During the last decades, important advances in therapeutic options have led to increased survival rates in cancer patients; however, cancer treatments are associated with several potential adverse effects including infertility in those diagnosed during their reproductive years. A proper discussion about fertility preservation options before the use of therapies with potential gonadotoxicity (i.e. oncofertility counseling) is standard of care and should be offered to all patients of childbearing age. Temporary ovarian suppression with LH-RH analogs, oocyte and embryo cryopreservation are standard strategies for fertility preservation in female cancer patients. Oocyte cryopreservation should be preferred to embryo cryopreservation when this latter is prohibited by law, avoided for ethical or religious issues and in single women refusing sperm donation. Despite the increasing use of this strategy, data are still lacking about the efficacy and safety of the procedure in female cancer patients, with most of the evidence on this regard deriving from infertile non-oncologic women. This article aims at critically review the available evidence about the success of oocyte cryopreservation in female cancer patients with the final goal to further improve the oncofertility counseling of these women.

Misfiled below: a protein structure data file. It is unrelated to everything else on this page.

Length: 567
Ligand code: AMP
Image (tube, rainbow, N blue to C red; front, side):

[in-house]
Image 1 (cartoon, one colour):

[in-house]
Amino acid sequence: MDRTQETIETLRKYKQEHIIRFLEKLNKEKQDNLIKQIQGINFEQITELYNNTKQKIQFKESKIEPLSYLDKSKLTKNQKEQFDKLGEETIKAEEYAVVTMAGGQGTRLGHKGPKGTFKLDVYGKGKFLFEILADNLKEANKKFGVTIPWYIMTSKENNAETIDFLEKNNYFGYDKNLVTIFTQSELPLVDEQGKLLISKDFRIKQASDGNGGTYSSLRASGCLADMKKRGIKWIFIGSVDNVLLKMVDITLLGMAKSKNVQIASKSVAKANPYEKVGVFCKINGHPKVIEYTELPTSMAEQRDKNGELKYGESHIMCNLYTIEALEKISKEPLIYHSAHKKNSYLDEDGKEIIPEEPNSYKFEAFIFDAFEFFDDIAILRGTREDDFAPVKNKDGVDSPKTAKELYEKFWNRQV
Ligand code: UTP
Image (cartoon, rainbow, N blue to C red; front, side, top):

- Gonadotoxic therapies
- Oocyte cryopreservation
- Pregnancy after cancer
ASJC Scopus subject areas
- Radiology Nuclear Medicine and imaging